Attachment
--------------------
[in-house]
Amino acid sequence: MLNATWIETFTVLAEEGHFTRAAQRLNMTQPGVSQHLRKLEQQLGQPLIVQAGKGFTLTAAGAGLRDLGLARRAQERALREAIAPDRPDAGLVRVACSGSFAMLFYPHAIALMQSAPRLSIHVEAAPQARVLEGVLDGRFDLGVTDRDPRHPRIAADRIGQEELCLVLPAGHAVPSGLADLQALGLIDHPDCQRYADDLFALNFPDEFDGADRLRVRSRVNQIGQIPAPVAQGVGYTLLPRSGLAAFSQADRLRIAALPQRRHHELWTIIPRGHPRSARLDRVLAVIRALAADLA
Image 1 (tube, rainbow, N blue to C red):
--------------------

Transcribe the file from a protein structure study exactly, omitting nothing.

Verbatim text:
[in-house]
Amino acid sequence: MLNATWIETFTVLAEEGHFTRAAQRLNMTQPGVSQHLRKLEQQLGQPLIVQAGKGFTLTAAGAGLRDLGLARRAQERALREAIAPDRPDAGLVRVACSGSFAMLFYPHAIALMQSAPRLSIHVEAAPQARVLEGVLDGRFDLGVTDRDPRHPRIAADRIGQEELCLVLPAGHAVPSGLADLQALGLIDHPDCQRYADDLFALNFPDEFDGADRLRVRSRVNQIGQIPAPVAQGVGYTLLPRSGLAAFSQADRLRIAALPQRRHHELWTIIPRGHPRSARLDRVLAVIRALAADLA
Image 1 (tube, rainbow, N blue to C red):